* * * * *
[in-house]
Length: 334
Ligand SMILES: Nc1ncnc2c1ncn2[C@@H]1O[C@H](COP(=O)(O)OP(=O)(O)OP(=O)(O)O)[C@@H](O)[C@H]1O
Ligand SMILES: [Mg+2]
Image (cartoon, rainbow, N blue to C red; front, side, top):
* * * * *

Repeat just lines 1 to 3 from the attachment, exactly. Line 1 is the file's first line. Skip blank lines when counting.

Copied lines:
[in-house]
Length: 334
Ligand SMILES: Nc1ncnc2c1ncn2[C@@H]1O[C@H](COP(=O)(O)OP(=O)(O)OP(=O)(O)O)[C@@H](O)[C@H]1O